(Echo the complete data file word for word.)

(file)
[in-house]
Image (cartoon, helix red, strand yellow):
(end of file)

[in-house]
Image (cartoon, helix red, strand yellow):